Non-Fullerene Acceptors for Solution-Processed Small-Molecule Organic Solar Cells
Friday, November 6, 2015
1:30 pm - 3:00 pm
Dr. Ian G. Hill, Department of Physics and Atmospheric Science, Dalhousie University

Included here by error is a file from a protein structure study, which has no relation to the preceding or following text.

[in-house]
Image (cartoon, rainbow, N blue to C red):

The efficiencies of both small-molecule and polymer-based organic solar cells have increased dramatically over the past decade. The record lab-scale cell efficiency now stands at 11.5%, well above the 10% threshold at which a technology is thought to be commercially viable. While these efficiencies are significantly lower than those achieved by mono- and multi-crystalline silicon solar cells, near room temperature solution-processed organic semiconductor materials enable low-cost integration of solar cells into consumer electronics, clothing, windows, building facades and roofing materials, to name a few applications that are difficult to achieve with silicon.